I thank God that at the height of my demise, my mom was in the picture with a watchful eye. She saw what I was doing, and she began to counsel me. She even helped me get my head back above water. Because I hated losing so much, her lifeline of encouragement and comfort was easy to grab a hold to. I was falling into deep depression, so her understandng and care nursed my poor spirits back to health. I really needed someone older to tell me it would be alright and offer me a helping hand. There are millions of struggling gamblers who are not so fortunate, however. Many gambling addicts do not have a shoulder to cry on, and many of them are so hooked on the thrill they get from high stakes that they aren't able to pull away the way that I did. I'm glad that I was able to get out of gambling before it truly became a lifestyle. I feel the same way about debt. Maybe if gambling and debt were part of my lifestyle today, I might still be trying to juggle them both. I suspect that many gambling addicts are performing such juggling acts right now.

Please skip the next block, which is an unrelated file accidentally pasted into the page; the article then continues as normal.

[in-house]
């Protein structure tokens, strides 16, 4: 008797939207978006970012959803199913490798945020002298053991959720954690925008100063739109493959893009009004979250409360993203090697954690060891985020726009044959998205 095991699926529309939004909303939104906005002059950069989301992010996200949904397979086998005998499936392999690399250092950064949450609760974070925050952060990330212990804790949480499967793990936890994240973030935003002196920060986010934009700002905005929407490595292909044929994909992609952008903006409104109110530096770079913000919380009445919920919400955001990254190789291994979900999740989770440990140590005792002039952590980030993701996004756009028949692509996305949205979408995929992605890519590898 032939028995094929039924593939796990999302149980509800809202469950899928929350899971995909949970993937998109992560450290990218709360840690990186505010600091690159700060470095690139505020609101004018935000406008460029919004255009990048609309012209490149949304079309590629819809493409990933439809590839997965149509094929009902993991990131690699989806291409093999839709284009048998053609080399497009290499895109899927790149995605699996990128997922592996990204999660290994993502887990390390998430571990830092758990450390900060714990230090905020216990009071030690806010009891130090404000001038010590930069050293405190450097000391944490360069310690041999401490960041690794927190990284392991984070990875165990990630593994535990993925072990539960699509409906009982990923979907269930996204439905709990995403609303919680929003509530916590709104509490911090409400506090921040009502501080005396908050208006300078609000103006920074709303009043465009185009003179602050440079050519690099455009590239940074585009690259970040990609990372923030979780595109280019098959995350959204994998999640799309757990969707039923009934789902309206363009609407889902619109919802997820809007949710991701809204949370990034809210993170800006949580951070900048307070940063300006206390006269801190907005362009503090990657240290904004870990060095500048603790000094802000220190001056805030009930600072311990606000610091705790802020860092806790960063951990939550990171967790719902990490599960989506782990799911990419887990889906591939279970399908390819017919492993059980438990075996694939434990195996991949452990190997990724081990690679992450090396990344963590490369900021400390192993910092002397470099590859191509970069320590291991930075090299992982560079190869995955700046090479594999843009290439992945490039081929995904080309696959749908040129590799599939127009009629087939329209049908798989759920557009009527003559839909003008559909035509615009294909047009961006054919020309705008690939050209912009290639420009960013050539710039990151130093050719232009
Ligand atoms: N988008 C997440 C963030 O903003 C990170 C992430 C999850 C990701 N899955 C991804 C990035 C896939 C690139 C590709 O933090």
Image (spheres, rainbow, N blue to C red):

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Wednesday, March 28, 2007

Why Are Casinos Allowed to Advertise on TV?

I was watching TV last night, and I saw a commercial that I found disturbing. It was a commercial for a casino, and the tag line was, "It's an escape that stays with you!"

Great! It stays with you! Yes, that's fantastic news, especially for those who are addicted to gambling.

Why are these commercials allowed on TV? TV ads for casinos should be banned, just as TV ads for cigarettes are not permitted. The casinos will make a lot of money no matter what, just as the cigarette companies continue to thrive despite law suits, public outcry and limited advertising venues.

Casinos are run by nasty people. Why no clocks in casinos? So that gamblers have no idea how much time they've spent inside. That's also why casinos almost always have no windows, so that patrons can't see the sun come up.

I've never had a problem with gambling, but I watched a college friend throw his life away with gambling and drug addiction. Ugly stuff.